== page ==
Cathrineholm lotus color chart showing the available colors

Most of the lotus dishes have white petals on a single-color background, or single-color petals on a white background. Some come in the two-tone options of lime on lemon or turquoise blue on sky blue.

The French blue is incredibly rare, but I have seen that electric color. The more common blues are turquoise (like a country blue) and royal (like a cobalt or navy).

If you come across many red pieces, you might notice there is a dark brick red and a lighter cherry red. There is also a true orange, as well as a red orange that people sometimes mistake for red.

You won’t have a problem spotting the yellow.

Yellow and white Cathrineholm teapot and butter warmer at LookModern store in Portland
Yellow teapot and butter warmer at LookModern in Portland.

The greens are more complicated.

Avocado is the common medium green. Olive is the darker kind of army green. And butterscotch is a light yellow green that goes by many names, including mustard green, tan, beige and wheat.

To further complicate things, there’s a rare lime green, and a two-tone lemon lime.

Can you tell which green is which in this photo? From left to right in the second row, it’s butterscotch, olive and avocado.

Collection of Cathrineholm scampi dishes in multiple colors - photo by Alexa Greaves
Rainbow assortment of Cathrineholm scampi dishes (photo credit: Alexa Greaves / @lexalulaa)

Not every piece comes in every color or combo.

Many of the brown pieces only have white lotus leaves on a brown background, but not the reverse, with the exception of the omelet pan. Black on white pieces are very hard to find and might have only been samples that were not mass produced.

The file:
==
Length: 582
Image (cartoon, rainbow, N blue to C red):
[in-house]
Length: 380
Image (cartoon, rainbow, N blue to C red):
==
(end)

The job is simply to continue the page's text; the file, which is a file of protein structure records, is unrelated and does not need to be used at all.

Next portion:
According to an old Cathrineholm color chart, there might also be a vibrant apple green, a beige that’s lighter than the butterscotch, and an additional blue, but I couldn’t confirm that.

Cathrineholm Lotus Dishes

These are the dishes Cathrineholm produced for the lotus series. Some of these also came in other patterns or solid colors.

Bowls, Plates & Platters

  • Bowl: 6 sizes (approximately 4-inch, 5.5-inch, 7-1/8-inch, 7-7/8-inch, 9.5-inch and 11-inch)
  • Dip Set: Wood serving tray holding a matching set of three snack bowls
  • Plate: 3 sizes (approximately 7-inch, 10-inch and 12-inch); has large lotus leaves that nearly meet in the middle to form a complete flower
  • Scampi Dish: 8-5/8-inch serving dish; has small leaves along the rim with enamel handles on either side
Cartoon sketch of Cathrineholm bowls and plates

Some bowls have big lotus leaves, stretching nearly from the bottom to the top of the bowl, while others have smaller lotus leaves along the rim of the bowl.

Outside of the lotus line, some bowls came in the stripe design seen below, which pairs well with the lotus.

Cathrineholm bowls in multiple sizes and colors displayed on shelves - photo by Alexa Greaves
Colorful display of Cathrineholm lotus and stripe bowls, including the two-tone lotus options (photo credit: Alexa Greaves / @lexalulaa)

You might find vintage porcelain plates with small lotus petals along the rim. Those could be from Lyngby Porcelain, a Danish company that licensed the lotus pattern.

Tea Kettles and Coffee Pots

  • Teapot: 2 sizes (1.5-quart and 2-quart); stout, cylindrical shape and metal handle over the top
  • Coffee Pot: 1.5-quart; wider on the bottom, with black plastic handle on the side
  • Percolator: 8-cup; tall cylindrical shape; has lid and aluminum percolator insert
Cartoon sketch of Cathrineholm tea kettles and coffee pots

The coffee pot also functions as a tea kettle and is sometimes listed that way online.

Isn’t she a beauty?

Cookware

  • Saucepan: 3 sizes (1-quart, 1.5-quart and 2-quart); has lid and long handle
  • Casserole/Dutch Oven: 7 sizes (1-quart, 2-quart, 2.5-quart, 3-quart, 3.5-quart, 5-quart and 8-quart); has lid and short handles on each side
  • Lasagna Pan/Oven Dish: 14 x 9-inch; has optional stand
  • Skillet/Frying Pan: 2 sizes (8-inch and 10-inch); has lid and long handle
  • Omelet Pan: Has long handle and no lid, with a little spout on one side and lotus leaves inside the pan instead of outside like the other cookware
  • Chicken Fryer: Often called the stock pot, this piece is indented along the bottom, with a lid and two short handles on each side; originally it came with a deep fryer basket inside
Cartoon sketch of Cathrineholm cookware

The lasagna pan sometimes has the lotus petals just on the front and back, and sometimes all the way around the sides as well. The stand was an optional add-on, so a lasagna pan listed without the stand isn’t necessarily incomplete.